This is not done everywhere and if they haven’t mentioned it I’ll bet your diocese is not one where it’s done.

I’m in Canada too and I’d never heard of this until I moved to this parish in 1997 at the age of 45. We certainly did no such thing when I was confirmed in 1961 and neither did my brothers a few years later nor my kids in the 90s, all confirmed in different parishes in different dioceses in different provinces.

We haven’t done that in this parish since at least 1997, when it was pointed out that even religious don’t change their names any longer because of the importance of our baptismal name.

Only one parent in this parish has ever questioned it and it was because she’d not given her daughter a name at baptism that she’d been saving for confirmation. Made no sense to me since then she’d have to go to court to have her daughter’s confirmation name part of her legal name and I had never heard of anyone doing that.

She actually wanted to legally change her daughter’s name to include her confirmation name? :confused:

I have a few friends that colloquially will use their baptismal and will use their confirmation names as part of their names, but they never actually went through the legal channels to make it legally so. That’s just what they go by when asked for their full name.

I don’t know what she was thinking. The kid couldn’t legally use the name since it wouldn’t appear on her birth certificate. It also wouldn’t appear on her certificate of baptism so I don’t know WHAT she had in mind.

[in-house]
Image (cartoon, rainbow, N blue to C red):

But she was adamant that she’d waited all this time to give her that name (forgetting that the choice is supposed to be the confirmand’s) and was determined to have it. We told her to go ahead and give her the name if she wanted but that legally it meant nothing and there was nowhere to record it in the register. Yes, I know that some registers have that space but ours didn’t.

I use mine when I want to have my initials spell something.

My Confirmation name is Anne. I like St. Anne,always have, and it was my mother’s Confirmation name, and my aunt’s middle name.

So… why is it done?

If nobody uses it and it has no legal significance, there doesn’t seem to be much of a point.

Personally, I was not born into the Catholic church. My name has nothing to do with anything biblical as far as I know. In RCIA, is there a chance that I’ll still have to take a confirmation name? Can I opt out of it?

It is done to invoke the protection of a particular saint, a saint one admires and wishes to inlcude into one’s life on a regular basis. It gives one an extra “patron” or mentor in Heaven.

It does not have to be anybody mentioned in the Bible (I can’t feature too many people choosing Haman or Goliath, for example;) ). All the saints, blesseds and servants of God are not in the Bible. One of my dearest heavenly friends is Servant of God Vincent Capodanno. He was killed in Viet Nam, a little too late for the Bible.